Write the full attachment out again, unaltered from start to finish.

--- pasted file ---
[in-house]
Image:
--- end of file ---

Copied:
[in-house]
Image: